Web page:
A short video that puts things into perspective.

Please note that the phenomena depicted here are extremely condensed. That should come as no surprise, of course, as 13.8 billion years of the universe’s history into just under four minutes.



Reuploaded with permission of King Crocoduck. Check out his channel for more excellent videos!


Category: Science, Weekend

Please use the comments to demonstrate your own ignorance, unfamiliarity with empirical data and lack of respect for scientific knowledge. Be sure to create straw men and argue against things I have neither said nor implied. If you could repeat previously discredited memes or steer the conversation into irrelevant, off topic discussions, it would be appreciated. Lastly, kindly forgo all civility in your discourse . . . you are, after all, anonymous.

4 Responses to “A Brief Timeline of EVERYTHING”

  1. barbacoa666 says:

    On a related note: “A team of researchers led by astronomer Ivan Ramirez of The University of Texas at Austin has identified the first “sibling” of the sun—a star almost certainly born from the same cloud of gas and dust as our star….”: http://phys.org/news/2014-05-astronomers-sun-long-lost-brother-pave.html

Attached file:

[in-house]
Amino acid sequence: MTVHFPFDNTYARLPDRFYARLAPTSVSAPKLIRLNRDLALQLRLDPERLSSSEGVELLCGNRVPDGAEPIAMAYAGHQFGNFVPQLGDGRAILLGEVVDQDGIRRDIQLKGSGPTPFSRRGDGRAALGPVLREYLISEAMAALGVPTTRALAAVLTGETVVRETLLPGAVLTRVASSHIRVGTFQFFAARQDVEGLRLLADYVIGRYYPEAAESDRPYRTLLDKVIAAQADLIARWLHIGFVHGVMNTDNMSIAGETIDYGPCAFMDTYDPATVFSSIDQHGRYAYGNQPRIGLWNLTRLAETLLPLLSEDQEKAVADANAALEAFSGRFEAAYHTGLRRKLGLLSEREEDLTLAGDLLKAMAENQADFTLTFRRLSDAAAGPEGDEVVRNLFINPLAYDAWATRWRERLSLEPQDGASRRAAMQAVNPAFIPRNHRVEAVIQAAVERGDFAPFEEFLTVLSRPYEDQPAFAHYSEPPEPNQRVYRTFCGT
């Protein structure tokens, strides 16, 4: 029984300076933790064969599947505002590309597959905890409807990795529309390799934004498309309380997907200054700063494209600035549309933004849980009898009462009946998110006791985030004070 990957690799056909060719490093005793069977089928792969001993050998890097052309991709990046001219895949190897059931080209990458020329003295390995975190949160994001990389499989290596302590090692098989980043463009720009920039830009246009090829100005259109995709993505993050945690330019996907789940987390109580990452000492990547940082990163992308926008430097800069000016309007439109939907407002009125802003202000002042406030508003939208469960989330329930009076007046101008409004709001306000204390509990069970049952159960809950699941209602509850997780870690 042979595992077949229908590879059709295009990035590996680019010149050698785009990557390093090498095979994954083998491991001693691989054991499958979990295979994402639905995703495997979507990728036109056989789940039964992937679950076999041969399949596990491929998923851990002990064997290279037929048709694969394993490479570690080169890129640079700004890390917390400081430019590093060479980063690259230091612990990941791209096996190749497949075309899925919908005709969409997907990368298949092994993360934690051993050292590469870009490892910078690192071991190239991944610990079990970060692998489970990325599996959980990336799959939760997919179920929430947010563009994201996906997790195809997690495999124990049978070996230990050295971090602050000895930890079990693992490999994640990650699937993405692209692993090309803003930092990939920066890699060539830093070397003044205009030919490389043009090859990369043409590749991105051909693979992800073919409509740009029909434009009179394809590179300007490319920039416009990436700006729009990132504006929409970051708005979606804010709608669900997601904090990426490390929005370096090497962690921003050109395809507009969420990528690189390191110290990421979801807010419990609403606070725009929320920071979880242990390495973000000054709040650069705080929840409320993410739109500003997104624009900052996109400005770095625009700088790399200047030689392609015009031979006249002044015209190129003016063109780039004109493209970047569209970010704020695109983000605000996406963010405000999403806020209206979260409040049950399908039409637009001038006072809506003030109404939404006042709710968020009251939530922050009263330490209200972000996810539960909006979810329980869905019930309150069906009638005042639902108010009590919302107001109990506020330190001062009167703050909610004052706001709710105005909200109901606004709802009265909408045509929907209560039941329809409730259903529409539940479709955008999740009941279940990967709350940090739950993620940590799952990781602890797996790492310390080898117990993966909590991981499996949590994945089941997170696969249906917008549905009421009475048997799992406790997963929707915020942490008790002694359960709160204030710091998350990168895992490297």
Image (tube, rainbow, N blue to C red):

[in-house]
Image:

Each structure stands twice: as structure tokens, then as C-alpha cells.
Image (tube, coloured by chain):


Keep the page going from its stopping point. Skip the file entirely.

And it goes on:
2. Bob is still unemployed   says:

    I’m quite underwhelmed.

    What’s the purpose of this video? Aside from being just yet another video about the origins of the universe. Whoppitty-do.

    The video shows nothing new, and it shows no new real presentation of information already known.

    The video looks to me as little more than a grab for page hits. And, sadly, it looks like it might succeed…..

  3. Low Budget Dave says:

    The thing I always found interesting is that iron is a dead-end for typical stellar fusion. Iron (and everything heavier) takes energy out of the system, rather than adding it, so fusion stops creating energy when it gets to iron, and the star collapses.

    So all the elements on on planet heavier than iron (copper, for example) did not come from steller fusion, and did not get here from the nova of “normal” stars. Instead they were produced (and could only be scattered) by much bigger forces, like supernova.

  4. LiberTea says:

    Had the 221 secs of the video been proportional to the 13.8 billion years of universal age,
    the time spent discussing humans would have blipped by subliminally in 3/1000 of a second.